After recording the Traffic album “Far From Home” Steve Winwood returned to his solo career with this much maligned 1997 offering “Junction Seven”. Being Winwood’s seventh solo album and the M6 motorway junction for his hometown of Birmingham it is very cleverly named even if the cover art shows him standing on a railway line rather than a Motorway !
The album itself was produced by Narada Michael Walden and had a very different sound to most of Winwood’s previous albums. This was not something which long time Winwood fans were overly pleased about and the consensus of opinion amongst them is that it would have been better billed as a combined Winwood/Walden album. Personally my only real gripe with it is the drum sound. There is far too much drum programming and not enough ‘real life’ drumming.
Opening track ‘Spy In The House Of Love’ is a funky fast paced song with a catchy beat and an infectious chorus. It maybe gets a little repatitive towards the end but it is still a great funky opener with some nice solos and benefits from having at least some live drum sound. ‘Angel Of Mercy’ is a slower gospel type track with a nice harmonious intro and a great chorus. Winwood also contributes some nice Hammond organ work and a great wah wah solo. For me it is one of the best tracks on the album and is up there with the best of Winwood’s solo offerings. Like the opener and several other tracks on the album it was co-written by Winwood, Walden and old Traffic cohort Jim Capaldi. Quite why Capaldi wasn’t asked to contribute drums to the album is beyond me. ‘Just Wanna Have Some Fun’ ups the tempo again and is a jazzy funky track with good bass and a nice clavinet sound. Winwood plays a nice synthesised sax solo and the track makes great use of horns and backing vocals to give it a real good time feel. ‘Let Your Love Come Down’ is another slower song with a bass intro and features Lenny Kravitz on guitar. It’s a bit too long for me and is slightly inferior to the opening three tracks. ‘Real Love’ is a very slow ballad which features a full blown string arrangement but it is far too chocolate boxey for me although Winwood does sing it well. It is the first of four tracks on the album that Winwood co-wrote with his wife Eugenia. ‘Fill Me Up’ takes us back to the uptempo jazzy stuff and is another nice track with a funky bass line and a quirky chorus. Dobro guitar from Mike McEvoy and backing vocals from Ruby Turner help to lift it above the ordinary. Things really pick up again though for ‘Got To Get Back To My Baby’ a very fast and upbeat track. The calypso feel and the clever use of horns make it a real feel good tune. The use of real drums and Ruby Turner’s reappearance on backing vocals both help to make it one of the highlights. ‘Someone Like You’ is another slower ballad type love song and once again veers just a little too much into the world of syrupy first dance at a wedding territory for me. It is not a badly composed or performed song though, it is just arranged without any great imagination and the over use of programming ruins what could have been a far better track. For me it is clearly the low point on the album although I daresay many will have a different opinion entirely.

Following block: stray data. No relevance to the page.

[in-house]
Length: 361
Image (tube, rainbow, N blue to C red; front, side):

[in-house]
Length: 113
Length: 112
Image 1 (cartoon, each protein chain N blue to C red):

The highpoint of the album for me follows in the shape of ‘Family Affair’, a cover of the Sly and Family Stone chart topping hit of 1971. It is reasonably true to original spirit of song and the live drums once again make a huge difference. A live string section, some more great backing vocals and Nile Rogers on guitar all help to make it a thoroughly enjoyable five minutes and along with the earlier ‘Angel Of Mercy’ well worth the price of admission. ‘Plenty Lovin’ sees Des’ree come in to share lead vocal duties with Winwood and Jose Netto plays a pleasant guitar solo. Overall it is a nice song with its string arrangement and nylon string guitar sound but it meanders a bit for me and the Des’ree vocal just takes it a little bit to far into that modern day R & B dance music sound for comfort. The album ends with ‘Lord Of The Street’ another uptempo song typical of the albums sound with its strong bass and jerky riff.
“Junction Seven” was released in June 1997 and as I stated earlier did not meet with great approval from either Winwood’s fan base or the record buying public in general. For most it is regarded as the red herring or the weak link in his solo output. I take a completely opposing view though and consider it to be one of his most enjoyable solo albums. The classic Winwood sound and voice is there and it is an album well worth persevering with despite the over use of programming and the, at times, over bearing influence of Walden.
© Martin Leedham. First published on RYM July 2011